The Perils Of Social Media At Work
We’ve heard of the job applicant who misses out because their face is all over Facebook in embarrassing positions. Similarly there’s the worker who Twitters what a great time they’re having at the cricket when they’re on a sickie. Then there’s the blogger who’s spotted writing how much they hate their boss.
The dangers of social media in the work place are well documented. But now comes a warning that even the benign career networking site LinkedIn can land workers in hot water.
A Canberra interior designer was sacked from his day job when his boss found he was using LinkedIn to connect to potential clients for his small out-of-hours business. The designer was fired after he sent a group email via LinkedIn saying he planned to expand his fledgling business to a full time design practice.
Even though his employer allowed him to work in his private capacity on smaller jobs outside work, the Fair Work Commission ruled the employer was within its rights to fire him as he was soliciting work that could be in competition to his employer.
The case highlights the lesson that what people post on social media isn’t necessarily a private matter that has nothing to do with their employer. Always ask yourself before you post, tweet or email something whether you’d be happy for your boss to read it.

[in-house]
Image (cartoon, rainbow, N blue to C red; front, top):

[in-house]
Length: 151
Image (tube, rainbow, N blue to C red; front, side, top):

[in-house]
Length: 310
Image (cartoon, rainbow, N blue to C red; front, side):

Kym Luke, employment law specialists at Stacks Law Firm, says employers should take note. “There’s a need to set clear guidelines for employees on the use of social media in the workplace,” Kym said. “If they have a small business on the side or work somewhere else casually, there should be an unambiguous policy spelling out what the employee can and can’t do. ”
Employees have to be informed of the consequences if they do something on social media that might conflict with their employer, or brings their company into disrepute.
Some employers might want to simply ban using social media in the workplace, but this might not be beneficial in businesses that benefit from employees networking and building work contacts through social media.
What happens when an employee who built a large social media network while with the company leaves to set up on his or her own? Can they take the social media contacts with them? The courts are generally deciding this on a case by case basis.
Employers need to get good legal advice to put in place a social media policy as it applies to their particular circumstances, including ongoing obligations for departing employees.